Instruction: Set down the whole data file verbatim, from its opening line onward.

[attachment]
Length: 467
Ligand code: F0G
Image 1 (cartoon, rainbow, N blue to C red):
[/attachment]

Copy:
Length: 467
Ligand code: F0G
Image 1 (cartoon, rainbow, N blue to C red):